Economy: Saudi investment leads to PSX into confidence
In today’s world, especially in Pakistan, conventional norms of reasoning are often inadequate to explain the changes. The apparent spike in investor confidence at this point is puzzling, considering the country’s economic challenges and terrorist threats. Further complicating matters is the fact that the current government’s term ends this week.
In the past few weeks, investor sentiment has turned bullish, as reflected in the booming capital market. The Pakistan benchmark stock market index (PSX) rose vertically. Five weeks ago, it was at a level of 41,000. The stock gained 20 percent last week, crossing the 49,000 mark.
Asked for input, marketers cited several factors contributing to positive market sentiment. As a result of the International Monetary Fund’s deal, they believed the $10 billion Saudi refinery deal was the key to boosting business confidence.
It is testament to Pakistan and its partners’ potential that the said contract was instantly marked and analyzed globally. As an analyst hinted at the changing contours of energy politics post-Saudi-Iranian détente, project of this scale in the energy sector can have consequences that go beyond economics.
“We have heard about this refinery for a few years now,” said Mohammad Sohail, CEO of Topline Securities. With local participation, the process seems to be gaining momentum. In reality, this is a long-term project, and how aggressively both governments adhere to their commitments will determine how much money is invested.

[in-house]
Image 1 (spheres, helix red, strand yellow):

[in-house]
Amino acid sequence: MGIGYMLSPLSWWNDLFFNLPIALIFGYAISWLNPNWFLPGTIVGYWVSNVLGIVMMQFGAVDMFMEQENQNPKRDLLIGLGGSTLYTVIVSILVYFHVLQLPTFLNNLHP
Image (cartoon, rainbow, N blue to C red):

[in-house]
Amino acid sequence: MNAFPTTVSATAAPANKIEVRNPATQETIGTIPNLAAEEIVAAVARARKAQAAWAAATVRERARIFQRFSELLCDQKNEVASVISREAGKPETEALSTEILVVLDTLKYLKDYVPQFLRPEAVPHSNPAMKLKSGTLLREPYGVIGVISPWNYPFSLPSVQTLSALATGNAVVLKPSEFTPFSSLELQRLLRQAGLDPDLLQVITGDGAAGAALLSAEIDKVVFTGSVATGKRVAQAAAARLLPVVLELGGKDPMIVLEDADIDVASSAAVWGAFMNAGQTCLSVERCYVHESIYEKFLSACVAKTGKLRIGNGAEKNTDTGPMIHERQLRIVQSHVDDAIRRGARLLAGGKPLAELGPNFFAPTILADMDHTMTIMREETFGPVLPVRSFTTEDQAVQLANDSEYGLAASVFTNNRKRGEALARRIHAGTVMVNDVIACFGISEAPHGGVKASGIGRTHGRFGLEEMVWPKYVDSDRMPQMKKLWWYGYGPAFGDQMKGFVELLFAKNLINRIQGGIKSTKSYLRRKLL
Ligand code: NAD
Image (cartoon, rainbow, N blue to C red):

Almost three years after the project was first conceived in 2019, Pakistan inked the $10bn joint venture agreement with the Kingdom of Saudi Arabia to build an integrated greenfield oil refinery at Gwadar with a processing capacity of 300,000 barrels per day (20 million tons per year).
In a refining project that surpasses Pakistan’s current total oil processing capacity, four state-owned companies, Oil and Gas Development Company Limited (OGDCL), Pakistan Petroleum Limited (PPL), Pakistan State Oil (PSO) and Government Holding Private Limited (GHPL), will partner with Saudi giant Aramco.
Pakistan’s current annual refined oil demand is around 33 million tons against a capacity of 20 million tons. However, the actual production is only 11 million tons, which is one-third of the capacity and almost half of the need. A lack of refinery upgrades and other constraints further undermine the country’s limited refining capacity. There have been only two refineries built in Pakistan in the past few decades.
Experts say that even though there are no complete details yet about the multi-billion dollar deal, what little is known holds great promise.